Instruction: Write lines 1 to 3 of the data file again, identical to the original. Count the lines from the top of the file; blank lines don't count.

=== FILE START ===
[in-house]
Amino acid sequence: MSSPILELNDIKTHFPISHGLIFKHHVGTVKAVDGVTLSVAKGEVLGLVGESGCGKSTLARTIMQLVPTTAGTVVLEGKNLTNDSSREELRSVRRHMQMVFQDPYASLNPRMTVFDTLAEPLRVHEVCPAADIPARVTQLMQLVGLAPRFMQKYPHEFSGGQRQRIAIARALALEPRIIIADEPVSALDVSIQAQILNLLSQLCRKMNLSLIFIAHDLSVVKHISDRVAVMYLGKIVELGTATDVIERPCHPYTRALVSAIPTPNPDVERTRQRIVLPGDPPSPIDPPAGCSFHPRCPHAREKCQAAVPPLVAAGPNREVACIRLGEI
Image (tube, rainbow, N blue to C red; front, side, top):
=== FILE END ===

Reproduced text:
[in-house]
Amino acid sequence: MSSPILELNDIKTHFPISHGLIFKHHVGTVKAVDGVTLSVAKGEVLGLVGESGCGKSTLARTIMQLVPTTAGTVVLEGKNLTNDSSREELRSVRRHMQMVFQDPYASLNPRMTVFDTLAEPLRVHEVCPAADIPARVTQLMQLVGLAPRFMQKYPHEFSGGQRQRIAIARALALEPRIIIADEPVSALDVSIQAQILNLLSQLCRKMNLSLIFIAHDLSVVKHISDRVAVMYLGKIVELGTATDVIERPCHPYTRALVSAIPTPNPDVERTRQRIVLPGDPPSPIDPPAGCSFHPRCPHAREKCQAAVPPLVAAGPNREVACIRLGEI
Image (tube, rainbow, N blue to C red; front, side, top):